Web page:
Education requires an evolution

Our last two blog posts have looked at two identified trends in education which we feel are knocking on the door more than ever. The first trend we identified was the expanding role that the Sustainable Development Goals are going to play in schools in the future. And the second trend, looked at the fact that schools are going to need to adapt faster than ever to the changing landscapes of our economy and the world of work.

Our third trend explores the adaptions required in the way we teach and learn. Our pedagogy and educational approach is always required to adapt over time, both in methodology and in content.  

The past few months have been unprecedented in so many ways. Never before has our education community been grounded to a complete halt like it has in 2020 as a result of COVID-19. This forced hiatus from the classrooms, to-do lists, sports fields and staff rooms have left a large amount of time for reflection.

A large component of my own personal reflection was directed at deeply rethinking the curriculum structure and make-up here in South Africa and how it is realised in many different ways across the nation.

The Curriculum and Assessment Policy Statement (CAPS) is the national curriculum for South African schools. In short, it is a vast curriculum which has been critiqued heavily as being too content-heavy, with large emphasis on assessment as a medium for performance.
Without taking anything away from the design and curation of the CAPS curriculum, but in light of the recent challenges facing us all, I feel that we need to rethink the role and influence that curriculum plays on both the educator and the learner.

First, educators. They are the driving force of our schools and institutions and have long been regarded as one of the most valuable members of society. Without teachers, there really would be no future. Sadly, our society doesn’t value teachers as much as they should and the past few months have been powerful in revealing the valuable members of our society – those who maintain the backbone and posture of our communities. One then has to beg the question of why our teachers are constantly inundated with large task-lists, admin and extra work that may very well deter them from their core focus and aim – creating valuable learning experiences for their learners.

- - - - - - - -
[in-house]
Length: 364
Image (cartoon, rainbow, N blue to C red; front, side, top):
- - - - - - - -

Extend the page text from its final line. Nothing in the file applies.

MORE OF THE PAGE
Second, the learners. As a relatively recent graduate of school and in my short time in schools as an educator and coach, I have noticed a large amount of work-related stress and pressure on learners. To further that and perhaps more worryingly, I have noticed a deep apathy toward the content taught and the relevancy it has to a teenager growing up currently.

Globally, students are calling for environmental, social and economic change – millions of students are taking to the street demanding change from the top.

Within educational institutions around the world, students are calling for the decolonisation of the primary, secondary and tertiary education systems. And to focus back in South Africa, in light of the recent pandemic and the vast national changes that have ensued, students are facing higher demands and as a consequence, higher stress levels and associated difficulties.

Thousands of citizens and activists marched to Parliament in Cape Town, South Africa, forming part of a global movement that demands an end to the age of fossil fuels and embraces a new age of renewable energy and climate justice. 20 September 2019. (Photo: Leila Dougan/Daily Maverick)

The thing is, our education systems were calling for drastic changes before COVID-19.

It is all good and well for me to identify what is wrong with our systems without paying any attention to solutions and alternatives. And in writing this, I don’t exactly know what all the solutions are at this current time. But I do feel that an opportunity has been thrown our way in the form of a global pandemic, for us to re-imagine and re-prioritise our education.

I feel that we have been given an opportunity to rewrite the daily lives of both learner and educator; to revamp school buildings and facilities which have long been calling for it; to better support and equip educators in lower-resourced schools; and to make learning relevant and applicable to all students.

The upcoming times are going to be tough and unpredictable for educators, curriculum-advisors; department employees; parents and learners. 

All the answers we are searching for may not just be lying around the corner. They are far off and will require us to be innovative and resilient in light of many challenges.

But, taking the necessary steps now in rethinking our curriculum may pay off in the long term. After all, we should always be focused on creating the type of education to sustain the  generations of tomorrow.

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